NHS complaints procedure branded "appalling"

Posted by Patricia Wakeford on


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Recently we have been faced with the outcome of the report on NHS complaints procedure published by the Parliamentary and the Health Service Ombudsman (PHSO) Julie Mellor. It was quite worrying to hear that 40% of investigations to deaths and avoidable harm due to failings in the NHS care were found to be "inadequate" and "appalling".

Source: Westlaw-NHS probes into patient complaints appalling: Report

Julie Mellor indicates that the quality of NHS probes is of "significant variation". There are cases where the investigations were not initiated by hospitals when they should have been, and cases conducted without finding any sort of explanation as to why the failings took place.

The report found that 28 of the 150 cases should have been investigated by the NHS as a Serious Untoward Incident (SUI), which is triggered to allow doctors to learn from past mistakes.
But in the vast majority of these cases (71%) the hospital failed to carry out an SUI.

PHSO expressed that hospitals should take more care while reviewing and initiating complaints so as they should improve on quality of such complaints. Mellor called NHS to tackle those problems.

Julie Mellor says: "When the NHS makes a mistake their duty is to investigate - these investigations shouldn't be about attributing blame but should find out what happened and why in order to prevent the same mistakes from happening again. Our evidence too often shows this is not the case."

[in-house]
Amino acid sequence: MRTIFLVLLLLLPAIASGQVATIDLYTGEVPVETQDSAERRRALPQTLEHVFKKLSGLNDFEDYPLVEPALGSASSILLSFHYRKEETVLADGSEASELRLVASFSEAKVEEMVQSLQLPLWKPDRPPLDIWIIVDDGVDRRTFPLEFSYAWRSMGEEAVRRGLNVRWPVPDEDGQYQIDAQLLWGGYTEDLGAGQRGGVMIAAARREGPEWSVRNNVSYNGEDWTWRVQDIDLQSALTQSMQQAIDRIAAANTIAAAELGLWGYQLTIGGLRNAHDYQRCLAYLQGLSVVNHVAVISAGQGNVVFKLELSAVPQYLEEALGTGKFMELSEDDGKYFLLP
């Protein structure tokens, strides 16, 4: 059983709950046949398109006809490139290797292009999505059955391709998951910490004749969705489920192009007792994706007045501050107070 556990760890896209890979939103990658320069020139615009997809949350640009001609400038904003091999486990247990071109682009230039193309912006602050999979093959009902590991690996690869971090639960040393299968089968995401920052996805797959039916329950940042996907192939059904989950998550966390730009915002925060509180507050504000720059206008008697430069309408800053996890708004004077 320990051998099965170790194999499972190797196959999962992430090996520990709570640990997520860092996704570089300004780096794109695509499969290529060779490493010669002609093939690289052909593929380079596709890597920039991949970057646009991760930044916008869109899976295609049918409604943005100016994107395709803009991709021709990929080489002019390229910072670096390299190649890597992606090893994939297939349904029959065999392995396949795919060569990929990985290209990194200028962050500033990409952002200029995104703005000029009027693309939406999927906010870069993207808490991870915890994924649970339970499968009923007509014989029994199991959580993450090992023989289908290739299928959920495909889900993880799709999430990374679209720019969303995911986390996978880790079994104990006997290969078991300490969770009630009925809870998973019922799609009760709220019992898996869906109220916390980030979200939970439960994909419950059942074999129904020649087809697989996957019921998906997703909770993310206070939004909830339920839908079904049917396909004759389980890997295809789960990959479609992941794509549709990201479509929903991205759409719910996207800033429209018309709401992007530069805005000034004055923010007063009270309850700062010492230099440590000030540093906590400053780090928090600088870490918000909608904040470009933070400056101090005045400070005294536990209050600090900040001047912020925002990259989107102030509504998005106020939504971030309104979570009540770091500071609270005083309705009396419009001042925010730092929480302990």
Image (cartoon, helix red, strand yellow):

Amongst the cases investigated inadequately there was a case of one-day-old baby, who suffered permanent brain damage after two doctors and a nurse made serious mistakes during blood transfusions.

The Department of Health in respond to the report replied that a barrister specialising in clinical negligence has been appointed to create an independent report into creating an open and honest reporting culture within the NHS.

The NHS is a great institution. However, this is one area where there can be improvements. We regularly hear about how much money is spent by the NHS defending clinical negligence cases. If complaints were adequately investigated this might lead to some cases never reaching a solicitor's door step. Alternatively, a well drafted and considered response to a compliant might enable an earlier and more cost efficient resolution to many claims.

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About the Author

Photograph of Patricia Wakeford

Patricia is a Senior Associate, in our Clinical Negligence team, and is also a qualified midwife with many years of experience working in the NHS.

Patricia Wakeford
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023 8085 7310

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